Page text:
| A woman checks for messages on her mobile phone in Beijing. (AFP)
It is enough to bring tears to the eyes of a donkey in a sunhat. “Wish you were here” is becoming “wsh u wr hr” as text messages threaten the future of the postcard.
Until a generation ago, it was the norm for friends and family on holiday from Blackpool to Bognor to scribble a few words on a postcard featuring either the local promenade or a cartoon involving a lecherous middle-aged man, a buxom blonde and a misunderstanding over the word “organ”.
But as the popularity of foreign holidays grew, holidaymakers tired of being home before their postcards arrived.
Sending them will be a thing of the past in another generation, according to current trends. Royal Mail figures show the numbers posted are falling by a million a year, from 30 million five years ago to 25 million.
Meanwhile research shows that 30 per cent of the population now never send postcards and 53 per cent say they will send fewer in future as instant forms of communication such as e-mails, text messages and picture and video messaging take over. A total of 14 per cent of Britons said they had no time to write a card on holiday, while 10 per cent preferred to phone home rather than write, according to interviews with 1,000 customers of Thomson Holidays.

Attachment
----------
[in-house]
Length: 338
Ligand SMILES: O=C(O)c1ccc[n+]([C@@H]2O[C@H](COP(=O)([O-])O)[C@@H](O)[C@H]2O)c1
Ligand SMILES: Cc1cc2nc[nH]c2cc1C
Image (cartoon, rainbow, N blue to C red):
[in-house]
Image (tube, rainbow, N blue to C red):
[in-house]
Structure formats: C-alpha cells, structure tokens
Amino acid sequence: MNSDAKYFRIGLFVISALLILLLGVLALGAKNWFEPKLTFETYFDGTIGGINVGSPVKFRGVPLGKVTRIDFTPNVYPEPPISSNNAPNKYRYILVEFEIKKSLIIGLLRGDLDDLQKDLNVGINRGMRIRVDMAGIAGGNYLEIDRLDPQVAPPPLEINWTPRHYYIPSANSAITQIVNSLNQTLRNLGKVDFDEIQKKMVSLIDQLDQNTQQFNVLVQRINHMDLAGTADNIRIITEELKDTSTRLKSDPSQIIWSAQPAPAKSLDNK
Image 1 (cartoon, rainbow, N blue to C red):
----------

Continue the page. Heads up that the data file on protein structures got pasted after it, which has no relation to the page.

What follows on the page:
A psychologist, Marie Angelou, of Sussex University, said text messages lacked the lasting quality and intimacy of a postcard. Modern communication methods were “mundane and simply functional”.
She said: “Postcards can evoke the real atmosphere of your holiday in a way that nothing else can do, and are for more than a moment.”
John Bateman, of the Postcard Traders’ Association, said technological advancement was not the same as progress. He said: “As people get used to e-mailing, we now find it an effort to write a postcard, find a stamp and get to a post box. Text messages are killing the careful crafting of the written word.”
He added that there had been few historically important postcards sent. Those worth most on the collectors’ market are the ones posted home from the Titanic’s ill-fated maiden voyage when it docked on the Irish coast. These have fetched more than £1,000.